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I need to transform this integral $\int_0^6\int_0^y x \, dx \, dy$ to polar and then find its value.

I'm stuck finding the r-limits of integration.

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3 Answers 3

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The well-known change of coordinates is: $x(r,\theta) = r\cos\theta$ and $y(r,\theta) = r \sin \theta$. The first things we need to try and transform are the differential one-forms $dx$ and $dy$, and then the differential two-form $dx \wedge dy$. Recall that if $f = f(r,\theta)$ then $df = f_r \ dr + f_{\theta} \ d\theta$. It follows that:

$$\begin{array}{ccc} dx & = & \cos\theta \ dr - r\sin\theta \ d\theta \, , \\ dy & = & \sin\theta \ dr + r\cos\theta \ d\theta \, . \end{array}$$

Applying the definition of the exterior product: $dx \wedge dy = r \ dr \wedge d\theta$. Putting this together:

$$\int\int x \ dx \wedge dy \equiv \int \int r^2\cos\theta \ dr \wedge d\theta \, . $$ Next we need to deal with the limits. In your question the limits are $0 < x < y$ and $0 < y < 6$. Thus: $0 < r\cos\theta < r\sin\theta$ and $0 < r\sin\theta < 6$. The seond inequality tells us that:

$$0 < r < \frac{6}{\sin\theta} \, .$$

Putting this into the first inequality gives:

$$ 0 < 6\frac{\cos\theta}{\sin\theta} < 6 \implies 0 < \cot \theta < 1 \implies \frac{\pi}{4} < \theta < \frac{\pi}{2} \, . $$

Finally, we can collect all of this together and we get:

$$\int_0^6 \int_0^y x \ dx \wedge dy = \int_{\pi/4}^{\pi/2} \int_{0}^{6/\sin\theta} r^2\cos\theta \ dr \wedge d\theta \, . $$

The first integration is simple, we can integrate $r^2$ with respect to $r$:

$$\int_{\pi/4}^{\pi/2} \int_{0}^{6/\sin\theta} r^2\cos\theta \ dr \wedge d\theta = \int_{\pi/4}^{\pi/2} \left[\frac{1}{3}r^3\cos\theta \right]_{0}^{6/\sin\theta} d\theta = \int_{\pi/4}^{\pi/2} 72\frac{\cos\theta}{\sin^2\theta} \ d\theta \, . $$

This last expression integrates. Notice that the integrand is $\cot\theta \csc^2\theta$ and we can make the substitution $u = cot\theta$ and $du = -\csc^2\theta$ to give $-\int u \ du$. Thus:

$$ \int_{\pi/4}^{\pi/2} 72\frac{\cos\theta}{\sin^2\theta} \ d\theta = 72\left[ \frac{-36}{\sin^2\theta} \right]_{\pi/4}^{\pi/2} = 36 \, . $$

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Great and completing answer. +1 –  B. S. Jan 3 '13 at 20:17
    
@BabakSorouh Thanks a lot Babak, it means a lot coming from an esteemed contributor such as your good self. –  Fly by Night Jan 3 '13 at 20:21

There is a well-known transformation between polar coordinates and Cartesian coordinates as $x=r\cos(\theta), y=r\sin(\theta)$. So your range for the converted integral is $\theta\mid_{\pi/4}^{\pi/2}$ and $r\mid_{0}^{6/\sin(\theta)}$.

enter image description here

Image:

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Could you please explain how you got the r range? :) –  george Jan 3 '13 at 19:10
    
@george: It is a bit hard without a black board or a pencil, But Micheal's answer explained it well. –  B. S. Jan 3 '13 at 19:12
    
@george Unless I've made a mistake, which is most possible, the limits can be found by simple algebraic manipulation, as I did in my answer. –  Fly by Night Jan 3 '13 at 19:53
    
@George : Look at the right triangle whose hypotenuse is the arrow you see in the picture going from the origin out to the line $y=6$, and whose legs are the part of the $y$-axis between $0$ and $6$ and the part of the line $y=6$ between the $y$-axis and the tip of that arrow. The angle in that upper right corner is $\theta$. The $\mathrm{hyp}/\mathrm{opp} = \csc\theta$. But $\mathrm{opp} = 6$, so $\mathrm{hyp}=6\csc\theta$. –  Michael Hardy Jan 4 '13 at 0:37
    
+1 another great picture! –  amWhy Feb 25 '13 at 0:06

This is an example in which it's much simpler to do the thing directly than by converting to polar coordinates, but an exercise is an exercise. First, remember that $$ dx\,dy=r\,dr\,d\theta, $$ and $$ x = r\cos\theta. $$ Most of the work now is in finding the bounds. You have $y$ going from $0$ to $6$, and then for each fixed value of $y$, $x$ goes from $0$ to $y$. So it's a triangle with vertices $(0,0)$, $(0,6)$, and $(6,6)$. Draw the picture. You see the angle $\theta$ going from half a right angle up to a right angle, so it's $$ \int_{\pi/4}^{\pi/2} \cdots\cdots \,d\theta. $$ Then, for any fixed $\theta$, you need $r$ going from $0$ out to the distance to the line $y=6$, so you've got $$ \int_{\pi/4}^{\pi/2} \int_0^{6\csc\theta} r\cos\theta \,r\,dr\,d\theta. $$

(Later, you'll have $\displaystyle\int \Big(\text{a function of }\sin\theta\Big) \Big( \cos\theta\,d\theta\Big)$, so that should suggest a particular substitution.)

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Thanks for your consideration. :) –  B. S. Jan 4 '13 at 6:34

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